Heavy Taxes On The Rich? 52% Say Yea
It’s always interesting to see trend lines over time making clear how our views have changed as a society. On the question of whether we, the U.S., should impose “heavy taxes on the rich” in order to “redistribute wealth,” majority opinion has varied considerably since Gallup — or, back then, Fortune magazine — first started polling folks in 1940. Pre- World War II, only 35% of respondents said sure. “Double the taxes. Triple the taxes! Squeeze every last drop …,” as Prince John would put it.
Now we feel rather differently about the rich. 52% to 45%, we think that income inequality is a problem and that, as part of the solution, the rich should pay up.
The wording of the intro is quite stilted: “People feel differently about how far a government should go. Here is a phrase which some people believe in and some don’t.” They’re the experts, of course, but I’m curious why they’ve stuck with something so awkward for so long.
The margin of error on the poll is +/- 4 percentage points, so, yes, it’s possible that less than half the country is really in favor of steep taxes on the affluent.* But Gallup has now reached the same result twice running, and these findings are in line with the outcomes of similar surveys from Pew, which has found that 54 percent of Americans think the government should “raise taxes on the wealthy and corporations to expand programs for the poor,” and that 58 percent say “upper-income Americans pay too little in taxes.”
The politics of this are unsurprising. 75% of Democrats want a government that will use its power to reapportion wealth in a more equitable fashion, along with 50% of Independents and only 29% of Conservatives, as well as 59% of all people aged 18-34. We have a strong sense of fairness, we Millennials, I guess. Will we grow out of it, especially once we accumulate more wealth ourselves? That remains to be seen.
Gallup offers more details — both on the question of whether wealth should be accessible to more people and as to whether the government has a role in making that happen:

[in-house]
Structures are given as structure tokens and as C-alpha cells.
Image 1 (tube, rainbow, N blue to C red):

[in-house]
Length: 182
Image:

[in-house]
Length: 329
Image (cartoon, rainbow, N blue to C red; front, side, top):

the 63% of Americans who say that money and wealth should be more evenly distributed among a larger percentage of the people is almost the same as the 60% who said this in 1984. …
nearly half of Americans (46%) are strong redistributionists — in the sense that they believe the distribution of wealth and income is not fair, and endorse heavy taxes on the rich as a way of redistributing wealth. One in four are in essence free-market advocates — sanguine about the distribution of wealth and income and not supporting heavy taxes on the rich. Another 16% say the income and wealth distribution is not fair, but don’t endorse heavy taxes as a remedy. A small percentage have the somewhat contradictory views of believing that the distribution is fair but favoring heavy taxes on the rich.
So “redistributionists” make up a plurality of this country, outnumbering almost 2:1 the free-market true believer Ayn Rand-types. That’s interesting. Not sure that’s the proportion I would have guessed.
I also wonder about the 16% of folks who think the set-up is unfair but who don’t favor taxes as a remedy. Taxes are a blunt instrument, in some ways, to be sure; if there is a better corrective to ingrained and increasing injustice — the return of Robin Hood? — I would love to hear about it.